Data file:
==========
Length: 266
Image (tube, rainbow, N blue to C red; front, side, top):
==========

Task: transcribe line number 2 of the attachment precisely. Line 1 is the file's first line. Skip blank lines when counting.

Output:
Image (tube, rainbow, N blue to C red; front, side, top):